Thursday, August 27, 2009


Questions Raised by Selections for Judicial Nominating Committee

The Judicial Nominating Committee, the unconstitutional device created by the General Assembly which will continue the tasks previously designated to the heavily political and unconstitutional Judicial Selection Committee, has been named by Speaker Kent Williams and Lt. Governor Ron Ramsey.

The selections were curious in many parts, but two primary questions are generated by these selections.

1) What was Kent Williams thinking? It has been no secret that Kent Williams and his family have been begging (in a disparaging manner, mind you) the Republican State Executive Committee to let Williams back into the party. In particular, the Speaker's sister, Judy Veeneman, engaged in an open e-mail discussion with several members of the SEC that undoubtedly hurt her brother's cause.

With regards to Williams, I have preached patience and reflection to some of the SEC members and fellow Republicans. In my view, Williams simply asking to be let back in after his treachery in January is laughable. It's like asking for forgiveness from your wife for forgetting your anniversary but showing up san flowers or chocolates. You say you're a Republican, Kent - prove it. By appointing Democratic committee chairs on the more important committees, you're down in the count. Which is why I was wanting to see what Williams did on Judicial Nominating. Surely, he would be able to pick a Republican slate that would help Republicans to at least have a chance of being elevated to the appellate bench (not that this would cure the nearly 40 years of liberal rule on the Selection Committee, but it would be a step in the right direction).

So how did Williams do? Referencing the background information from the Tennessee Center for Policy Research, of the 8 members Williams selected, 2 were known Republicans, 3 were unknown or could not be easily determined by TCPR, and 3 were known Democrats. Some had given to such political moderates as Jimmy Naifeh and Randy Camp.

Williams failed, SEC. Let RNC Chairman Steele pour money into Carter County and take out the Democrat Williams. And have some cojones, House Republican Caucus, and let Williams caucus with the rest of the Independent Caucus in a phone booth on Broadway.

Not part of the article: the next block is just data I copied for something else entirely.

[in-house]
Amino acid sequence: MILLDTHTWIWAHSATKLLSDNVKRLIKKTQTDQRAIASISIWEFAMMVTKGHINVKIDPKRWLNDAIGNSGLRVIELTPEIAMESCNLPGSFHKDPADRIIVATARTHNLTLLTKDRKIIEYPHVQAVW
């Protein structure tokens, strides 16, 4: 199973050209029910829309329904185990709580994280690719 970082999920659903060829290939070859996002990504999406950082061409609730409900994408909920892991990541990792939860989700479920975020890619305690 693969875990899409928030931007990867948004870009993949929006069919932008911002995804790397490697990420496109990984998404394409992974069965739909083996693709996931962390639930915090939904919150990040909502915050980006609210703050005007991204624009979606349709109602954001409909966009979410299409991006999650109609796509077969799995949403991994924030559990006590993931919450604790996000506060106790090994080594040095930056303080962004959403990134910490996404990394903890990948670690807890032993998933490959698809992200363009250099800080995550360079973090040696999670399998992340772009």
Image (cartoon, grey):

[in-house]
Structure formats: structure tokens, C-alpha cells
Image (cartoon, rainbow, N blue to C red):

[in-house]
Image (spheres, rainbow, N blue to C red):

2) What was Ron Ramsey thinking? In full disclosure, I had applied to be one of Ron Ramsey's selections. Why? Because Ron Ramsey encouraged me to do so. It's also a great opportunity for public service that doesn't involve a commitment like relocation or abandoning my clients.

There were many great candidates for the positions. That being said, I am disappointed in a few of Ron's choices. Despite Ramsey telling a meeting of bloggers in Knoxville several months back that conservatives were needed on the Nominating Committee, Democratic contributor Jack Lowery was selected. That came as a surprise to me.

Probably most puzzling, though, given Ramsey's current position as a candidate for the Governor's Mansion, was his selection of political uberdonor Bill Young. (It's tough to tell, but Young might have contributed the most total money to politicians over the past few years out of the 236 candidates.) First, Ramsey had to know that Young's past financial support of Governor Phil Bredesen would not be looked at favorably by the conservative base of the Republican Party. That being said, Young's support has been almost entirely for Republican candidates, and the Bredesen contribution was the exception, not the rule.

The real concerns that Ramsey's primary opponents may seize upon are Young's occupation and Young's status as a "Ron Ramsey for Governor" contributor. Young is General Counsel for the most profitable non-profit corporation in the area - Blue Cross Blue Shield of Tennessee. Obviously, I don't have to spell out the perception that many would have regarding these connections; I figure the Wamp, Haslam, and Gibbons campaigns can connect the dots for the voters there.

Overall, the selections were fine. The Nominating Committee is a great improvement over the Selection Committee that it is replacing. There are too many corporate attorneys for my liking; I prefer that those who are picking Tennessee judges to have been in a courtroom in the past decade. However, there are a few selections - as stated above - that are politically troubling given the dearth of possibilities that were available to Williams and Ramsey.

Will this keep Williams from getting back into the Republican Party? No, but it doesn't help his cause. Will this cause voters to pull the lever for Wamp instead of Ramsey? Who knows? Republicans I know are having a generally difficult time choosing a side in the Governor's race. Who knows what makes a difference when things are this close?

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